April 17 – Problems and Blessings

April 17. “No matter how bad someone has it, there are others who have it worse. Remembering that makes life a lot easier and allows you to take pleasure in the blessings you have been given.” (Lou Holtz)

I have never been comfortable with quotes like this one. Quotes like “I cried because I had no shoes, until I saw a man with no feet,” or a mother’s admonishment about starving children in faraway lands have always made me feel uneasy. I do understand that there are people who have things more difficult than I do, but I never want to use someone else’s plight as a way to justify taking pleasure in my life, or to make my burden lighter. To me this has always been a self-serving notion.

I also think that quotes like this serve to minimize, or trivialize a person’s problems. “You think you have it bad? Well let me tell you…” just doesn’t seem like a healthy way to help a friend in need. To me it smacks of one-upmanship, and is actually fairly demeaning.

I am a believer that everyone carries some level of burden in their life. There are circumstances of my life, and of those around me, which make each person’s life difficult in one way or another. I am never comfortable standing in judgment of how heavy another person’s cross may be to bear, because I don’t want that criticism thrown my way.

That doesn’t mean that I don’t count my blessings as a way to keep perspective on my life. I know that no matter how hard I may think I have it at any given time, I am still enormously blessed. At the worst depths of difficulty I still had far more on the blessing side of the ledger than the problem side. No matter how hard I see things being in the moment, I know that when I step back and look at the larger picture that I am a blessed person. I just prefer not to have that blessing-counting come by way of comparing myself to others.

The truth is that I have no idea how hard or how easy another person’s life may be. I may want to look at someone and say “oh, they have it easy, I wish I had their problems”, or similarly “I am glad I am not THAT guy.” But I really don’t know what that person may be dealing with, because I do not walk in their shoes. I have not had their lived experience, and I do not share their outlook. The person who may appear to me to be the most blessed, lucky person may be dealing with a difficulty in life that is out of my view, and would horrify me. Similarly, the person who I may see as the ultimate sad sack may have an inner peace and joy that belies their external condition.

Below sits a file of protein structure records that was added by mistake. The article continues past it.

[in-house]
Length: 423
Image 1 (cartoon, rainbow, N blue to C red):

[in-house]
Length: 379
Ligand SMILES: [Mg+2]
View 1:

Recently the actress Gwyneth Paltrow was quoted discussing how easy she thought that working mothers must have it. They have a set routine, she opined, and could do things so much more easily than she. She bemoaned how hard it is to be a mother on location with long days for a movie shoot and so on. She was roundly, and nearly universally denounced for her take. Working mothers took to social media and blogs to vilify her for being clueless about what their lives were like, and what difficulties they faced.

In the articles I read, both sides failed for the same reason. They each failed to take into account what the other person’s perspective in life may be, or to understand that person’s feelings. The truth is that there are certainly advantages to being a multi-millionaire actress. She has access to things that a mother working 50 hours a week in a job that pays far less would never have. Paltrow has the resources to overcome financial difficulties and to give her family things that the average mother would never have. But at what cost? Clearly for her to take to the media and discuss her plight, there have to be tings that she wishes were different. At the end of the day, both sides would probably not want to truly trade with the other. The working mothers might be surprised at how difficult it is to be in Paltrow’s life, just as she would find theirs more difficult than she perceives.

Lost in all of that vitriol was the notion that both sides have very real issues to deal with, and both have enormous blessings as well.

Lou Holtz was a terrific football coach, and he is a very entertaining motivational speaker. I think that he has a knack for getting people to rally up and be successful, both on the gridiron and in life. But, on this quote – for me at least – he falls short.

My life does not get easier, nor would I take pleasure in knowing that someone else has things worse than I do. Simply knowing that someone else has no feet does not really help me to find shoes, nor does it make the pain in my feet and less. Pain, suffering, blessings and joy are not zero sum games. Knowing that someone has it better or worse than me does not solve my problems. And, counting my blessings in life does not solve them either. When I decide to own my problems and feel my pain, only then can I find my way through them. Everything else just changes the window dressing.

If I were re-writing this quote, it might look something like this: “No matter how bad you think you have it, remember this – you are still a blessed and loved person. These problems in your life hurt, but you have the strength within you to deal with them, and overcome them. And remember this, you are never in this alone. Reach out to your friends and family and let their love and support buoy your spirit and give you the helping hand you need.”

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